Are Democrats trying to pin the blame for their own sins on Russia?
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The former head of President Obama's Department of Homeland Security, Jeh Johnson, made an excuse Wednesday for why his organization hadn't been forthcoming about "Russian hacking" during the 2016 election. They didn't want to appear partisan, he told the House Intelligence Committee.

Leaving aside for a minute that Russia "hacking" the 2016 election is a wildly inaccurate portrayal of Russia's digital meddling — which to date are only allegations, nothing proven — there's likely another reason Johnson wasn't quick to cry foul: some of the known, legitimate attempts to hack into state election databases were perpetrated by Johnson's own organization, the Obama-led DHS.

In an op-ed published in May, RNLA detailed what we called "the other, much worse hacking story." In that piece, we outlined how cybersecurity experts confirmed Obama's Department of Homeland Security had been caught trying to illegally access several voter registration systems in various states, including GeorgiaIdahoIndianaKentucky, Maine, and West Virginia.


FBI Director James Comey said at the time that hackers would have been frustrated in their attempts due to the "clunky and dispersed" voting system in the U.S. We concluded that actual votes, based on Comey's statements, were therefore very hard to change. So whatever Russia — and the contractor that worked for Obama's DHS — were doing, they weren't very successful. In fact, Johnson admitted as much in his testimony Wednesday when he told the Intelligence Committee, "I know of no evidence that through cyber intrusion, votes were altered or suppressed in some way."


Which is why it was striking to see Sen. Mark WarnerMark Robert WarnerDems reject Barr's offer to view Mueller report with fewer redactions GOP senators divided on Trump trade pushback Hillicon Valley: Trump unveils initiatives to boost 5G | What to know about the Assange case | Pelosi warns tech of 'new era' in regulation | Dem eyes online hate speech bill MORE (D-Va.), the top democrat on the Senate Intelligence Committee, rip into Johnson for not revealing just what Russia was doing in 2016. Warner said the decision by DHS to keep the number and the names of states that were supposedly affected by Russian hacking was  "just crazy, in [his] mind."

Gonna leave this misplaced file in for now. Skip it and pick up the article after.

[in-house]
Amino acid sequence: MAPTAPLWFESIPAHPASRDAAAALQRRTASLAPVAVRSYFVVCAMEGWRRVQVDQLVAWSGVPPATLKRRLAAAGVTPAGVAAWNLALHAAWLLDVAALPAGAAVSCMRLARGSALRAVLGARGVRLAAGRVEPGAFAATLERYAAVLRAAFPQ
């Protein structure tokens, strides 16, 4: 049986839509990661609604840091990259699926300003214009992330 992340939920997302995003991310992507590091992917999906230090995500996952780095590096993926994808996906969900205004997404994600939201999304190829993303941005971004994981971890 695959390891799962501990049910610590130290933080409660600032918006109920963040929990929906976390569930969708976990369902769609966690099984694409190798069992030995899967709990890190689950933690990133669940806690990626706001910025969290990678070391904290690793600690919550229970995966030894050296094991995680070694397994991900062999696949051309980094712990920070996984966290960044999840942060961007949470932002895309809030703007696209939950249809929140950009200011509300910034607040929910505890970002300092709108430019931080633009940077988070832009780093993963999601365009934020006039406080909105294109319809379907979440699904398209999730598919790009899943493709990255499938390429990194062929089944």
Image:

Warner never mentioned that DHS was also implicated in what turned out to be ineffective meddling. He even went so far as to send a letter to new DHS head John Kelly demanding answers. He stated that if the government refused to "tell the public how many states were attacked, or potentially how many could be attacked in the next cycle, I don’t think we get to where we need to be," warning that the 2018 and 2020 cycles could also be vulnerable.

But since we already know that at least some of the 2016 attempted — and unsuccessful — breaches came from the previous administration's DHS (Georgia's Secretary of State Brian Kemp actually asked incoming President Trump to investigate the agency) how does Kelly comply with that request without bringing down the wrath of those defending the sainted image of a former president beloved by his base? Warner, it seems, is demanding fast answers because he knows the only acceptable answer — and the one everyone has already agreed upon — is Russia.

But there is another player here, and that player worked for Obama. Warner likely knows it, and Johnson certainly does. The righteous indignation of the former and the cynical "I was trying to do the right thing" line from the latter are nothing more than partisan politics. They are little more than an attempt to protect the previous administration from being exposed as election meddlers, albeit unsuccessful ones. But Hillary ClintonHillary Diane Rodham ClintonThorny part of obstruction of justice is proving intent, that's a job for Congress Nadler: I don't understand why Mueller didn't charge Donald Trump Jr., others in Trump Tower meeting Kellyanne Conway: Mueller didn't need to use the word 'exoneration' in report MORE's leaked emails, which showed the Democratic National Committee colluding with her campaign to ensure she won the nomination over Bernie SandersBernard (Bernie) SandersCory Booker has a problem in 2020: Kamala Harris Wage growth shaping up as key 2020 factor for Trump Booker to supporter who wanted him to punch Trump: 'Black guys like us, we don't get away with that' MORE, have already proven that meddling in democratic processes is a strategy the left employs to win. 

David A. Warrington is vice president of Election Education at the Republican National Lawyers Association and a Partner at LeClairRyan.

All opinions expressed are his personal opinions.